I encourage you to check yourself. Are you attending to your set point? What do you need to let go? What do you need to take on? Do you need a scone?

Take care my friends.

Imperfectly,

Amelia

frankie-cone

Emotional Short-Arming: Protecting A Psychological Injury

My massage therapist commented that I twist my right arm whenever she moves it. She questioned the origin of this tendency. During the height of my swim conditioning, I short-armed my right free style stroke. My coach instructed me to pull my arm through completely before exiting the water.  This adjustment improved my speed and efficiency. For a few workouts I decelerated and concentrated on pulling through. However, I found it tedious, and it slowed me down tremendously. Additionally, as I fatigued I returned to short-arming. I shared this story with my massage therapist, and she commented, “Maybe you’re protecting something.” She asked if I had a past injury. Prior to swimming, I spent several years rock climbing and pushing my body in ways you can in your late 20’s and early 30’s. I likely sustained an injury.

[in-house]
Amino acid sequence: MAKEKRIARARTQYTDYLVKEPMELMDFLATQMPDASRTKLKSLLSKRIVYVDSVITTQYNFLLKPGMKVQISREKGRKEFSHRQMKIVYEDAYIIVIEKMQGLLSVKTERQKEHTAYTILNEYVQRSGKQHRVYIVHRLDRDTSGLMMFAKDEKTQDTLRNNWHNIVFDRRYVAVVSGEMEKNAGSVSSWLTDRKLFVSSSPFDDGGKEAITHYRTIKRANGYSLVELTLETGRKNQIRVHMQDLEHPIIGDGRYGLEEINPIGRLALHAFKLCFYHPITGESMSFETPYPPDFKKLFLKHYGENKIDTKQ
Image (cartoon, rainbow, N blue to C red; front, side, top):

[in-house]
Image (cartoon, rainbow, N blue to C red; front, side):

My response to this physical injury mimics a psychological injury. Often times we compensate to avoid pain and keep moving forward. However, this coping style eventually short changes us when we can no longer progress with ease and efficiency. We are frequently unaware of this protective mechanism until we enter relationships, and others identify it. Once this compensatory strategy enters our awareness slowing down and addressing it proves challenging. We feel pulled into our old habit particularly during times of stress and fatigue. However, if we slow down and address the injury, we start moving with greater fluidity and ease.

Admittedly, when I dive into the pool, I’m tempted to bullet through the water like a torpedo. Then, I hear my healthy self, “you’re short-arming . . . pull through the entire stroke . . . don’t get in a hurry.” I may resemble Esther Williams. However, my right arm propels me further if I can resist exiting at the point of discomfort.

Where in your life are you emotional short-arming? How can you leave your arm in the water a bit longer when it feels uncomfortable?

Imperfectly,

Amelia

 

 

The Perfect Date . . . With Myself: A Lesson in Self-Care

Une enseigne de débit de boisson en France mon...